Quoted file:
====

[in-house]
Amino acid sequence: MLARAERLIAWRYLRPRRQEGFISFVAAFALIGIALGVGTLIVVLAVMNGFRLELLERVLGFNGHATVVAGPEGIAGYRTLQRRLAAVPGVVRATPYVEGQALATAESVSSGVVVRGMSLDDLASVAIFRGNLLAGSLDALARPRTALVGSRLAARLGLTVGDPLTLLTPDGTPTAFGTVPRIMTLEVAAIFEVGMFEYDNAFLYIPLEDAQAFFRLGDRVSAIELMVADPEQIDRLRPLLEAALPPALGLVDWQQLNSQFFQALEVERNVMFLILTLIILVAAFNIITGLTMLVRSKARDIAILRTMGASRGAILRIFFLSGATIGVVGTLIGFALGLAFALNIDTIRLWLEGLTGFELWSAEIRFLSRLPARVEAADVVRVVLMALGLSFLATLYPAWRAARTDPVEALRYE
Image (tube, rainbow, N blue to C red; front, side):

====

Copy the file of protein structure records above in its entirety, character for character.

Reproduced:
[in-house]
Amino acid sequence: MLARAERLIAWRYLRPRRQEGFISFVAAFALIGIALGVGTLIVVLAVMNGFRLELLERVLGFNGHATVVAGPEGIAGYRTLQRRLAAVPGVVRATPYVEGQALATAESVSSGVVVRGMSLDDLASVAIFRGNLLAGSLDALARPRTALVGSRLAARLGLTVGDPLTLLTPDGTPTAFGTVPRIMTLEVAAIFEVGMFEYDNAFLYIPLEDAQAFFRLGDRVSAIELMVADPEQIDRLRPLLEAALPPALGLVDWQQLNSQFFQALEVERNVMFLILTLIILVAAFNIITGLTMLVRSKARDIAILRTMGASRGAILRIFFLSGATIGVVGTLIGFALGLAFALNIDTIRLWLEGLTGFELWSAEIRFLSRLPARVEAADVVRVVLMALGLSFLATLYPAWRAARTDPVEALRYE
Image (tube, rainbow, N blue to C red; front, side):